“Taxmageddon”? No, just a reprise of giving in to hostage-takers

Press Criticism | ByCraig Gurian | Politics, Taxes

Apr. 18, 2012 — In terms of a climactic moment on taxation, screamed the front page of the latest Sunday Review in The New York Times, “The end of 2012 will be unlike any other time in memory for the government.” According to David Leonhardt’s “Coming: ‘Taxmageddon,’“ taxes on the average middle class family could go up by “about $1,750.” Taxes on poor families would “rise somewhat, too.” Oh, and total federal taxes on “top-earning families” would rise by “tens or even hundreds of thousands of dollars a year.”

Hold the scary music for a moment, and hold the framing, too.  Despite a lede that features the potential impact on the middle class — look, we’re all in this together — it is entirely clear that no one is looking to raise taxes on the middle class. What is at issue, just as it was in 2010, is whether the era of enormous tax cuts for the wealthy — initiated by President Bush and extended by President Obama contrary to his campaign pledges — will continue.

What is at issue, just as it was in 2010, is whether the era of enormous tax cuts for the wealthy — initiated by President Bush and extended by President Obama contrary to his campaign pledges — will continue.

You can refer to the prospect of the wealthiest families having to pay tens or even hundreds of thousands of dollars more per year as a crisis of biblical proportions — and, indeed, many of those high-wealth households and their supporters will fight change as though it were the battle of the end times — or you can reflect on what a what a windfall each such household has reaped for more than 10 years at everyone else’s expense.

In any event, the story is not new, and, sadly, is unlikely to have a different ending than it did in 2010. Then, the Bush tax cuts on the wealthy would have expired without any action by Congress — no filibuster needed to be overcome. But Republicans said they would refuse to agree to an extension of unemployment benefits and would likewise not agree to a reduction in the payroll unless the Bush tax cuts on the wealthy were kept in place.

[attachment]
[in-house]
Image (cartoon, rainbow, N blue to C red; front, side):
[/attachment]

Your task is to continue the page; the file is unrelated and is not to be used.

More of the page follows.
The result of that hostage taking? President Obama gave in, and thus became the co-author of the tax cuts for the wealthy that have continued. “Taxmaggedon” cites the President and his advisors as saying that, this time, the President will “not extend all the Bush tax cuts.” I’m not reassured.

Taxmaggedon,” a very helpful guide to Beltway conventional wisdom, tells us it is not the GOP who will have to decide whether preserving huge tax breaks for the wealthy is worth having everyone else’s taxes go up. That’s taken as an unremarkable and unbendable principle of the physical universe. It is, Leonhardt advises, “Mr. Obama [who] will have to choose between standing down (once again) and allowing taxes to rise on every household when the economy is still likely to be weakened.”

The fact that the wealthy are currently able to game the system through tax breaks that give them a lower effective rate is not a reason to endorse that legalized cheating, it is a reason to restrict deductions and exclusions at the same time that rates are being raised.

Reporters, of course, did not come up with that asymmetrical way of viewing the politics of the situation entirely on their own. The President’s predicament of being widely seen as the one with a choice to make stems in part from the fact that, in truth, the President is always a hairsbreadth away from giving in. And the GOP has good reason to believe that the President’s heart is still not truly in a fight to raise tax rates on the wealthy from their current historic lows.